It was a big adventure – I was a 21-year-old kid fresh out of drama school.  I hadn’t travelled much before, so I had nothing to lose.

The tour went around the UK, and we did several weeks in Ireland. It was great, everybody just mucked in. 

It was all out of the back of two vans: we threw the lights up, set the scenes, sorted the costumes, put the show on, then took it all back down the same night. Then, next night, another town.  

I remember one night, the rain was pouring down but six people still turned up to watch the show, with kagools on and brollies!

Very few shows were called off through bad weather. It was great, while some shows would have a few hundred in the audience others only a handful of people turned up – it was an education’.

How long did you stay in London ?

‘About six or seven years, though I was away touring throughout a lot of that. I kept pretty busy. One year I spent about ten months as Scooby-Doo!

Warner Brothers and A.E.G produced a feature-length episode to be performed live on stage, and we toured to around thirty #1 venues across the UK. Now, that sounds like cartoony fun, you know, but behind it all was pretty exhausting physical theatre.

It was also my first chance to perform on stages I’d dreamed of playing – Hammersmith Apollo, Sunderland Empire, Glasgow Kings, Edinburgh Playhouse, Birmingham Hippodrome, to name just a few.

I had an amazing time, and I gained financially from it – the glitz and glamour of the show was great, but I was hungry for more depth…I suppose you might call it artistic value’. 

How did you get involved with theatre at The Customs House in South Shields ?

‘Around 2010, I applied to audition for a part in The Machine Gunners musical. I was cast as Rudi, a German pilot, alongside a large cast of North-Eastern actors.

At the end of day one in rehearsal, veteran actor Donald McBride came up to me and said ‘You’ll do well, you.  Only piece of advice I can give you: just be nae bother. Be nae bother…and you’ll be reet’. 

This is a people business – I’ve been in it now for nearly 13 years and you can be as good or better than anybody else, but if you are a nightmare to work with nobody wants to know. Be nae bother…they were wise words’.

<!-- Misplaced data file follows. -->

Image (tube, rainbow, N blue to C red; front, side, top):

Jackie Fielding

I saw you in The Man and the Donkey at The Customs House, how did that come about ?

’Off the back of The Machine Gunners, I was cast in the Romeo and Juliet play staged in South Marine Park, South Shields. Director Jackie Fielding (RIP) saw it, and later she was looking for a leading man to play John Simpson Kirkpatrick in The Man and the Donkey.

Viktoria Kay, a fellow actor and good friend, may have also put me on her radar, but, either way I ended up in an audition. I knew immediately that I’d met a kindred spirit.

I loved Jackie – I still do – and I’ll will always be thankful that she took a leap of faith and handed me my first leading start at The Customs House, and in the North-East.

That show was special – it was one of the first times where I felt the heart, and depth, and regional significance, that I had been looking for. It took theatre and performance to a whole different level for me: it changed my outlook.

Shortly after that, I came home and resettled in the North-East on a permanent basis. I’ve never looked back’. 

Jamie Brown as John Simpson Kirkpatrick - The Man and The Donkey 1

What’s coming next ?

‘Well, When the Boat Comes In is having another run early next year (March) before the sequel premieres next September. People are constantly asking when Hadaway Harry is returning – and I’m told it’ll happen at some point, so we’ll see.

I’ve also started doing some directing over the past few years, and I’m currently involved in the development of something in the offing between local production company ION Productions and The Sir Bobby Robson Foundation for next year.

So, there are irons in fires – it’s an exciting time to be involved in theatre in the North-East’.

Interview by Gary Alikivi    October 2018.


Secrets & Lies, Baron Avro Manhattan documentary, 17th July 2018.

Westoe Rose, Amy Flagg documentary, 19th July 2018.

Zamyatin, Tyneside-Russia documentary, 7th August 2018.

Peter Mitchell, Life In a Northern Town, 9th August 2018.

Ray Spencer MBE, That’s Entertainment, 6th September 2018.

Why not check the ALIKIVI You Tube channel for more North East stories.